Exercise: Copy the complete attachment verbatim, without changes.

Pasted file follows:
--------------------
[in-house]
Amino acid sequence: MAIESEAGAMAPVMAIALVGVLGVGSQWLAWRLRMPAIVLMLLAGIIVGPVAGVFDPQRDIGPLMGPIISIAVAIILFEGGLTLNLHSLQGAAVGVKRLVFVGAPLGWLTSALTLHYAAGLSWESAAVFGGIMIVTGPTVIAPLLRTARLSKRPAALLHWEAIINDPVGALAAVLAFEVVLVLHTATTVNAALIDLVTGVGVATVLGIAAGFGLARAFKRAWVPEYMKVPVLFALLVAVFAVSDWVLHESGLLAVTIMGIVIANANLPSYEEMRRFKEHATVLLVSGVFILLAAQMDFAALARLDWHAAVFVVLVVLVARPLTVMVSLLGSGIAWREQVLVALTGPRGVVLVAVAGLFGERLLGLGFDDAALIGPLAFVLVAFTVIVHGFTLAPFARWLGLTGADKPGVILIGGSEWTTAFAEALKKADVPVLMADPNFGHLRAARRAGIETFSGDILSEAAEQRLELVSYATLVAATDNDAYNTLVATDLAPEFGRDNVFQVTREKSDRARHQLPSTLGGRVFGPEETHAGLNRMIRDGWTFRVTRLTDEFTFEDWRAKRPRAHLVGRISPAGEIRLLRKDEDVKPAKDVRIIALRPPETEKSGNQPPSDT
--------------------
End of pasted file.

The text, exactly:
[in-house]
Amino acid sequence: MAIESEAGAMAPVMAIALVGVLGVGSQWLAWRLRMPAIVLMLLAGIIVGPVAGVFDPQRDIGPLMGPIISIAVAIILFEGGLTLNLHSLQGAAVGVKRLVFVGAPLGWLTSALTLHYAAGLSWESAAVFGGIMIVTGPTVIAPLLRTARLSKRPAALLHWEAIINDPVGALAAVLAFEVVLVLHTATTVNAALIDLVTGVGVATVLGIAAGFGLARAFKRAWVPEYMKVPVLFALLVAVFAVSDWVLHESGLLAVTIMGIVIANANLPSYEEMRRFKEHATVLLVSGVFILLAAQMDFAALARLDWHAAVFVVLVVLVARPLTVMVSLLGSGIAWREQVLVALTGPRGVVLVAVAGLFGERLLGLGFDDAALIGPLAFVLVAFTVIVHGFTLAPFARWLGLTGADKPGVILIGGSEWTTAFAEALKKADVPVLMADPNFGHLRAARRAGIETFSGDILSEAAEQRLELVSYATLVAATDNDAYNTLVATDLAPEFGRDNVFQVTREKSDRARHQLPSTLGGRVFGPEETHAGLNRMIRDGWTFRVTRLTDEFTFEDWRAKRPRAHLVGRISPAGEIRLLRKDEDVKPAKDVRIIALRPPETEKSGNQPPSDT